# Supersingular elliptic curves and their automorphisms

If $$E$$ is a supersingular elliptic curve over a finite field of characteristic $$p$$, what is known about its automorphism group (i.e the stabilizer of a point in algebraic curves terminology). Do all the possibilities for the automorphism group $$G$$ occur for supersingular elliptic curves (if $$p\ne 2,3$$ this means $$|Aut(E)|=2,4,6$$)?

• The two answers skip over $p=2$ and $p=3$, which are the most interesting answers (though Wikipedia describes them in part) Commented Feb 4 at 5:22

I will assume throughout that $$p \neq 2,3$$.

For $$p$$ a prime congruent to $$3$$ mod $$4$$, and $$q$$ any power of $$p^2$$, the curve $$y^2 = x^3 - x$$ is supersingular over $$\mathbb F_q$$ and has an automorphism of order $$4$$. By the upper bound for automorphisms you note, this means its automorphism group has order $$4$$.

These fields are the only ones that have a supersingular curve of order $$4$$. If $$p$$ is congruent to $$1$$ mod $$4$$ then because $$p$$ splits in $$\mathbb Q(i)$$, $$\mathbb Q(i)$$ does not embed into any quaternion algebra ramified at $$p$$, including the automorphism algebra of a supersingular elliptic curve. Otherwise, if $$q$$ is an odd power of $$p$$, then supersingular curves must have trace of Frobenius $$0$$ so their endomorphism field is $$\mathbb Q(\sqrt{-p})$$, which does not include $$i$$.

Similarly, for $$p$$ a prime congruent to $$5$$ mod $$6$$, and $$q$$ any power of $$p^2$$, the curve $$y^2=x^3-1$$ is supersingular and has an automorphism of order $$6$$ over $$\mathbb F_q$$, and these are the only fields where this is possible.

Now automorphism order $$2$$ happens if and only if it doesn't have an automorphism of of order $$4$$ or $$6$$. Over an algebraically closed field of characteristic $$p$$, this happens if and only if the $$j$$ invariant is not $$0$$ or $$1728$$. The number of such $$j$$ invariants is the integer part of $$\frac{p-1}{12}$$ and so is nonvanishing for $$p> 12$$. All these $$j$$ invariants are defined over $$\mathbb F_{p^2}$$ and so over $$\mathbb F_q$$ for $$q$$ an even power of $$p$$. For $$q$$ an odd power of $$p$$ we can take any elliptic curve with characteristic polynomial $$T^2 +q$$, which exists by Honda's theorem, because its endomorphism field is $$\mathbb Q(\sqrt{-q}) = \mathbb Q(\sqrt{-p})$$ and does not include $$i$$. This works even if $$p<12$$ if we only care about automorphisms defined over the ground field.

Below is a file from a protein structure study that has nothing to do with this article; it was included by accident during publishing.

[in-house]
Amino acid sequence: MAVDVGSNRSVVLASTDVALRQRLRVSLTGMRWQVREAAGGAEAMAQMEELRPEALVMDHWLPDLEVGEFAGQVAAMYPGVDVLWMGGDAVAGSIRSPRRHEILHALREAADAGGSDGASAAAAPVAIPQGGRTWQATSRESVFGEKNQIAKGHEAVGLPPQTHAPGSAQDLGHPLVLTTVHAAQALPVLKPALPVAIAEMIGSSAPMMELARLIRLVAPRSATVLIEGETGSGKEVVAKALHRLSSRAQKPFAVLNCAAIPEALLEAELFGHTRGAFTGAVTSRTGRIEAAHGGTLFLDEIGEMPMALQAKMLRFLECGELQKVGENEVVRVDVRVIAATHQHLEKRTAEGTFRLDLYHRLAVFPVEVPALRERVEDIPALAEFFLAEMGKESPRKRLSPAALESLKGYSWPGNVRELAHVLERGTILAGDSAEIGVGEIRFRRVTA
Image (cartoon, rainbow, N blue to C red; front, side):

Over even powers of $$p$$ for $$p<12$$ I think it is not possible to find such a supersingular elliptic curve.

We only need to look at $$j$$-invariants $$0$$ and $$1728$$, since every other elliptic curve has automorphism group $$\{\pm1\}$$.

For $$p > 3$$,

1. The curve $$E_0/\mathbb{F}_p: y^2 = x^3 + 1$$ is supersingular if and only if $$p \equiv 2 \pmod{3}$$, if and only if the automorphism $$(x,y)\mapsto(\zeta_3 x, y)$$ is not defined over $$\mathbb{F}_p$$. Over $$\mathbb{F}_p$$ we have $$\#\mathrm{Aut}(E_0) = 2$$, but over even-degree extension fields we get $$\#\mathrm{Aut}(E_0) = 6$$.
2. Similarly, the curve $$E_{1728}/\mathbb{F}_p: y^2 = x^3 + x$$ is supersingular if and only if $$p \equiv 3 \pmod{4}$$, if and only if the automorphism $$(x,y)\mapsto(-x,\sqrt{-1}y)$$ is not defined over $$\mathbb{F}_p$$. Over $$\mathbb{F}_p$$ we have $$\#\mathrm{Aut}(E_{1728}) = 2$$; over even-degree extensions we get $$\#\mathrm{Aut}(E_{1728}) = 4$$.

In each case, the irrational automorphism does not commute with the $$p$$-power Frobenius endomorphism, so the endomorphism ring of the curve (over $$\overline{\mathbb{F}}_p$$) is non-commutative - and hence the curve is supersingular.

When $$p = 2$$ and $$p = 3$$, all supersingular curves have $$j$$-invariant $$0 = 1728$$, so they all have extra automorphisms, though again those automorphisms are not necessarily defined over the ground field.